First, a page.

Illustration of the Marriage Feast
BY MEANS of two illustrations, Jesus has exposed the scribes and the chief priests, and they want to kill him. But Jesus is far from through with them. He goes on to tell them yet another illustration, saying:
“The kingdom of the heavens has become like a man, a king, that made a marriage feast for his son. And he sent forth his slaves to call those invited to the marriage feast, but they were unwilling to come.”
Jehovah God is the King who prepares a marriage feast for his Son, Jesus Christ. Eventually, the bride of 144,000 anointed followers will be united with Jesus in heaven. The King’s subjects are the people of Israel, who, on being brought into the Law covenant in 1513 B.C.E., received the opportunity of becoming “a kingdom of priests.” Thus, on that occasion, they were originally extended the invitation to the marriage feast.
However, the first call to those invited did not go out until the fall of 29 C.E., when Jesus and his disciples (the king’s slaves) began their work of Kingdom preaching. But the natural Israelites who received this call issued by the slaves from 29 C.E. to 33 C.E. were unwilling to come. So God gave the nation of invited ones another opportunity, as Jesus relates:
“Again he sent forth other slaves, saying, ‘Tell those invited: “Look! I have prepared my dinner, my bulls and fattened animals are slaughtered, and all things are ready. Come to the marriage feast.”’” This second and final call of those invited began at Pentecost 33 C.E., when holy spirit was poured out on Jesus’ followers. This call continued until 36 C.E.
The great majority of the Israelites, however, also spurned this call. “Unconcerned they went off,” Jesus says, “one to his own field, another to his commercial business; but the rest, laying hold of his slaves, treated them insolently and killed them.” “But,” Jesus continues, “the king grew wrathful, and sent his armies and destroyed those murderers and burned their city.” This occurred in 70 C.E., when Jerusalem was razed to the ground by the Romans, and those murderers were killed.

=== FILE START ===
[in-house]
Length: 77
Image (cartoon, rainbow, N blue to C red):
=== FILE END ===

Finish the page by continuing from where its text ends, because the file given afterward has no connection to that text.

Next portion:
Jesus then explains what occurred in the meantime: “Then [the king] said to his slaves, ‘The marriage feast indeed is ready, but those invited were not worthy. Therefore go to the roads leading out of the city, and anyone you find invite to the marriage feast.’” The slaves did this, and “the room for the wedding ceremonies was filled with those reclining at the table.”
This work of gathering guests from the roads outside the city of the invited ones began in 36 C.E. The Roman army officer Cornelius and his family were the first of the uncircumcised non-Jews gathered. The ingathering of these non-Jews, all of whom are replacements for those who originally refused the call, has continued on down into the 20th century.
It is during the 20th century that the room for the wedding ceremonies becomes filled. Jesus relates what then occurs, saying: “When the king came in to inspect the guests he caught sight there of a man not clothed with a marriage garment. So he said to him, ‘Fellow, how did you get in here not having on a marriage garment?’ He was rendered speechless. Then the king said to his servants, ‘Bind him hand and foot and throw him out into the darkness outside. There is where his weeping and the gnashing of his teeth will be.’”
The man without a marriage garment pictures imitation Christians of Christendom. God has never recognized these as having the proper identification as spiritual Israelites. God never did anoint them with holy spirit as Kingdom heirs. So they are thrown outside into darkness where they will suffer destruction.
Jesus concludes his illustration by saying: “For there are many invited, but few chosen.” Yes, there were many invited from the nation of Israel to become members of Christ’s bride, but only a few natural Israelites were chosen. Most of the 144,000 guests who receive the heavenly reward prove to be non-Israelites. Matthew 22:1-14; Exodus 19:1-6; Revelation 14:1-3.
▪ Who are those originally invited to the wedding feast, and when were they extended the invitation?
▪ When does the call first go out to those invited, and who are the slaves used to issue it?
▪ When is the second call extended, and who afterward are invited?
▪ Who are pictured by the man without a wedding garment?
▪ Who are the many called, and the few chosen?